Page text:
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Tony Awards Analysis: Voters Spread the Love on a Night Likely to Boost Broadway’s Box Offices


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The 2022 Tony Awards, held at Radio City Music Hall on Sunday night, recognized the work of Broadway’s first season since the pandemic shutdown. The ceremony offered everything one could hope for: a magnificent host in Ariana DeBose, the 31-year-old triple-threat product of the Great White Way (which the Afro-Latina joked is “becoming more of a nickname as opposed to a how-to guide”) who won an Oscar less than three months ago; numerous showstopping performances, especially from Paradise Square’s Joaquina Kalukango and MJ’s Myles Frost; and a wide assortment of winners. Those winners included breakthroughs like Kalukango, hot on the heels of her nominated turn in Slave Play, and Frost, for his Broadway debut as Michael Jackson, as well as previously-honored veterans like Company’s Patti LuPone (fitting on a night of Stephen Sondheim celebration) and Skeleton Crew’s Phylicia Rashad. And the trailblazing Pulitzer winner A Strange Loop triumphed in the one category which consistently moves the needle at the box office, best musical (though some are disappointed that only two of its field-leading 11 nominations resulted in wins).

As has increasingly been the case in recent years — see Fun Home, Hamilton, Dear Evan Hansen, The Band’s Visit and Hadestown — the best musical winner came from Off Broadway with considerable support from the New York theater community (and, in this case, also from Jennifer Hudson, whose producing win secured her EGOT status). And, as was the case with several of those prior winners, it vanquished formidable competition that will be more marketable on the road, in this case the box-office smashes MJ and Six, suggesting that commercially-minded road producers may no longer carry as much sway in Tonys voting as they once did.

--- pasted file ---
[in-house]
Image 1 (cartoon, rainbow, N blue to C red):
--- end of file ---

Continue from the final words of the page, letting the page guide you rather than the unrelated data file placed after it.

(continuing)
I found it notable that major winners emanated from across the whole season — The Lehman Trilogy, which closed back in January, won best play; Company, which opened in December, claimed best musical revival (the 1971 original won best musical); and Take Me Out, which ran from April through yesterday, was named best play revival (the 2003 original won best play). Those three productions clearly had deep support across the board, with Lehman and Company tying for the most wins of all shows with five each, including in categories in which it was competing against itself: Lehman’s Simon Russell Beale topped two costars to win best actor in a play (as did Take Me Out’s Jesse Tyler Ferguson in the best featured actor in a play category), and LuPone topped one costar to win best featured actress in a musical.

But voters picked their spots to recognize standouts from other shows, too — 11 shows walked away with at least one Tony — including both leading actress winners, neither exactly household names: Kalukango for Paradise Square, which will likely get a badly-needed box office boost as a result of her “Let It Burn” performance and emotional win (both of which received standing ovations), and Deirdre O’Connell for the experimental play Dana H., which closed in November.

Meanwhile, coincidentally or not, many people who are household names — or are at least very well known for their screen acting — did not do particularly well, with the exception of Ferguson and Rashad. Going home emptyhanded were American Buffalo’s Sam Rockwell (his show was certainly not helped by David Mamet’s rightward turn), How I Learned to Drive’s Mary-Louise Parker, The Music Man’s Hugh Jackman, Macbeth’s Ruth Negga, Take Me Out’s Jesse Williams, Mr. Saturday Night’s Billy Crystal and Clyde’s Uzo Aduba.

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